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ANIMALS
This article is from:
http://en.wikipedia.org/wiki/Butterfly

All text is available under the terms of the GNU Free Documentation License: http://en.wikipedia.org/wiki/Wikipedia:Text_of_the_GNU_Free_Documentation_License 

Butterfly

From Wikipedia, the free encyclopedia

 

A butterfly is an insect of the order Lepidoptera, and belongs to one of the superfamilies Hesperioidea (the skippers) or Papilionoidea (all other butterflies). Some authors have also suggested the inclusion of the superfamily Hedyloidea, the American butterfly moths.[1] They are notable for their unusual life cycle with a larval caterpillar stage, an inert pupal stage and a spectacular metamorphosis into their familiar and colourful winged adult forms. The diverse patterns formed by their brightly coloured wings and their erratic-yet-graceful flight have made butterfly watching a popular hobby.

Etymology

The Old English word for butterfly was buttorfleoge apparently because butterflies were thought to steal milk. A similar word occurs in Dutch and German originating from the same belief. This is believed to have led to the evolution of its present name form - butterfly.[2]

An alternative folk etymology, prevalent in Great Britain, is that it originated as a contraction of butter-coloured fly referring to the Brimstone Butterfly Gonepteryx rhamni, often the first butterfly of spring. Another such view is that the word butterfly came from a metathesis of "flutterby".

Origin and distribution

Butterflies are believed to have evolved from a branch of ancestral forms of moths. This branching is believed to have happened in the Cretaceous Period, 65 million to 135 million years ago. [3]

Butterflies are today distributed throughout the world except in the very cold and arid regions. There are an estimated 18,000 species of butterflies.

Classification

Presently butterflies are classified in two superfamilies, Hesperioidea, consisting of the 'skippers' and Papilionoidea or 'true butterflies'. These are sister taxa, so the butterflies collectively are thought to constitute a true clade. Some taxonomists place them all in superfamily Papilionoidea, distinguishing the skippers from the other butterflies at the series level only. In this system, Papilionoidea consists of the series Hesperiiformes (with one family only, the skipper family Hesperiidae) and the series Papilioniformes (with five families).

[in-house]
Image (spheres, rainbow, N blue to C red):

Butterfly families

The five families of true butterflies usually recognized in the Papilionoidea are:-

  • Family Papilionidae, the Swallowtails and Birdwings
  • Family Pieridae, the Whites and Yellows
  • Family Lycaenidae, the Blues and Coppers, also called the Gossamer-Winged Butterflies
  • Family Riodinidae, the Metalmark butterflies
  • Family Nymphalidae, the Brush-footed butterflies

Taxonomic issues

A study combining morphological and molecular data concluded that Hesperiidae, Papilionidae, Pieridae, Lycaenidae and Riodinidae could all be strongly supported as monophyletic groups, but the status of Nymphalidae is uncertain. Lycaenidae and Riodinidae were confirmed as sister taxa, and Papilionidae as the outgroup to the rest of the true butterflies, but the location of Pieridae within the pattern of descent was unclear, with different lines of evidence suggesting different conclusions. The data suggested that the moths of Hedyloidea are indeed more closely related to the butterflies than to other moths.[4]

Some older classifications recognize additional families, for example Danaidae, Heliconiidae, Libytheidae and Satyridae, but modern classifications treat these as subfamilies within the Nymphalidae.

Butterflies and moths

The dichotomous classfication of lepidopterans into butterflies and moths is one that is popular but not used in taxonomy. The folk groups of butterflies and moths can be distinguished using several features but there are exceptions to most of these rules. (See difference between a butterfly and a moth)

The four stages in the lifecycle of a butterfly

Mating Butterflies
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Mating Butterflies
More mating butterflies, the top butterfly is the female as she is the larger
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More mating butterflies, the top butterfly is the female as she is the larger

Unlike many insects, butterflies do not experience a nymph period, but instead go through a pupal stage which lies between the larva and the adult stage (the imago). Butterflies are termed as holometabolous insects, and go through complete metamorphosis.